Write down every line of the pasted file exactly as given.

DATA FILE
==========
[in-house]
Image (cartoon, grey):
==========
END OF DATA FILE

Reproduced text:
[in-house]
Image (cartoon, grey):